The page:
While fiduciary advocates applaud the Certified Financial Planner Board of Standards’ revised standards of conduct — specifically for expanding the scope of a CFP’s fiduciary duty and moving the industry toward a profession — they say the Board must clear up some ambiguities, and even seek more comments, before adopting the plan.
On June 20, CFP Board released for a 60-day public comment period a draft of proposed revisions to its Standards of Professional Conduct, which set forth the ethical standards for CFP professionals.
The draft Code of Ethics and Standards of Conduct put forth significant revisions to the Standards, including broadening the application of the fiduciary standard for CFP professionals — effectively requiring CFPs to put a client’s interest first at all times — and enhancing and updating standards related to financial planning.
The comment period expired Monday.
The Financial Planning Association told the Board that after reviewing FPA’s CFP members’ comments on the plan, they “require more clarity.”
FPA said that while it asked its members “for their opinions on the proposed Standards, many were unable to do so because they remain unsure of what is being proposed, what the changes will mean to them as practitioners, and how the proposed Standards will be implemented and enforced.”
FPA urged the CFP Board to consider the following changes to the process:
- Develop the next layer of explanation and clarification for CFP professionals to understand how they will need to alter their practices to stay in compliance, which would include expanded definitions, concrete examples and legally substantiated criteria.
- Engage in additional educational activities, including virtual events and the availability of charts, diagrams and scenario-based case studies that will help CFP professionals better understand the application of the proposed Standards.
- Add another comment period after more detail is developed and disseminated to allay the concerns of practitioners who want to comply as soon as the Standards are adopted and prior to implementation.
“A strong foundation has been laid by CFP Board and the Commission on Standards to revise the Standards of Professional Conduct, but more must be done,” FPA said, adding that “CFP Board’s effort will be rewarded with another level of patience, work and clarity.”
Indeed, Michael Kitces, partner and director of wealth management at Pinnacle Advisory, said in his comment letter that CFP Board’s proposed changes “do introduce numerous new questions and concerns, from key definitions that (in my humble opinion) still need to be clarified further, to new wrinkles in what does and does not constitute a fee-only advice relationship (and whether and to what extent certain types of compensation must be disclosed), to uncertainties about how CFP professionals are expected to navigate important conflicts of interest.”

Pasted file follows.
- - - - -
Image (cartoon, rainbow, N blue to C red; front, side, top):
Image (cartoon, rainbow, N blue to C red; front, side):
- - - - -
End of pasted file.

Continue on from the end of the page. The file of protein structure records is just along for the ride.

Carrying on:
Other ambiguities, he continued, include how CFP professionals “should interpret the 29(!) instances where the CFP Board’s new standards are based on ‘reasonableness’ … with no explanation of how ‘reasonable’ is determined, and a nonpublic CFP Board Disciplinary and Ethics Commission that doesn’t even allow CFP professionals to rely on prior case histories for precedence.”
Kitces said that he hopes the Board moves forward with its proposed changes to expand the scope of fiduciary duty for CFP certificants “but only after publishing another round of the proposal for a second comment period, given the substantive nature of both the changes themselves, and the concerns that remain.”
Elissa Buie of the firm Yeske Buie agreed in her comment letter that “there are too many words in the revised Standards. In places you have almost created checklists. In other places you have repeated information more than once in an unnecessary way.”
When we CFPs “are trying to do our best to comply with these new Standards, it will be easier to do so if the document is more concise,” she said.
Buie added that she’d “love to see these new Standards identify those who are subject to them as broadly as possible (i.e. applying to as many as possible), while at the same time defining Financial Planning as clearly as possible to distinguish it from mere financial advice.”
In this way, she continued, “while many (including some CFP professionals) may not be identified as doing financial planning, all would be identified as being required to act as fiduciaries. And at the same time, you would be staking claim to what Financial Planning really is. I believe you have an historic opportunity to truly define financial planning as being strategic. Please don’t miss that chance.”
— Check out CFP Board’s Proposed Fiduciary Standard: Too Weak, Too Strong or Just Right? on ThinkAdvisor.